When I was in the Philippines, I got a chance to check out the farmers market at Centris Station in Quezon City with my Mom. It is bigger than any of the farmers markets I’ve ever been to in the United States. From where the taxi dropped us off there were many stalls selling clothing and home items before we got to the cooked food and then to the produce and raw meats. Several of the produce stalls advertise certified organic fruit and vegetables. There was raw honey from Tagaytay and honeycomb in chunks brought in from Benguet. We had a field day shopping.
What threw me off a bit was my Mom’s aggressive haggling style. I remember going to the wet market with my Mom as a child, but at that time I didn’t notice the finer points of market interaction. My senses were too immersed in the busy and noisy market, agog at the tables of meat being fed into metal grinders, old ladies cleaning fish on thick chopping blocks, colorful fruits and vegetables piled high.
Now at Centris Station, my Mom haggled with every vendor she had contact with. She asked for a lower price, eyed products suspiciously, as if it wasn’t as good a quality as the value it was being quoted. If she didn’t get a lower price, she would ask that she get more than what was weighed. It made me cringe. Yet, it made me wonder if this was how it was supposed to be.
I remember shopping in Thailand and the vendor being taken aback by me paying the first price she quoted. That “You’re supposed to haggle” scene in Monty Python’s Life of Brian comes to mind.
I don’t get to flex my haggling muscles too often. Grocery stores and mall shops sell products with pre-set prices on stickers or printed on packaging. Want a bargain? You need a coupon, or sign up for membership for future discounts. There is very little need to interact with any of the staff. In fact, some grocery stores now have self-checkout. Just blip the items and deal with the machine.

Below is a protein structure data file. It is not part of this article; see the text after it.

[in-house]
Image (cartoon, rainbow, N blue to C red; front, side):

I love the farmers market experience because I find interacting with farmers and vendors pleasant. I enjoy hearing about where the food comes from and the process of making it. I enjoy getting a free taste of the products. I like how freshly picked locally grown food is. I like handing my money directly to the people who grew my food, instead of funneling it through a faceless corporation.
After a while I become a suki, a loyal customer. Once they learn my patterns and my favorites, they start setting aside the best pickings for me, giving me good deals, even freebies. Like coupons and clearance sales, the discounts I get are initiated by the vendor. I never haggle. If I can’t afford it, I don’t buy it.
I feel weird haggling for a lower price because it makes me feel as if I am insulting them. I know how difficult it is to keep a family farm going, and how very little money they make compared to how much work is involved. Of course I love getting a bargain, who doesn’t? But I don’t like feeling like I pulled one over another. Because I’m fostering a relationship with people I will be buying my food from repeatedly, I like to feel a mutual appreciation between buyer and seller, instead of feeling like one of us is being lowballed.
Maybe there is a more savvy way to haggle that I’m not aware of. Do you haggle? Why or why not? How do you do it?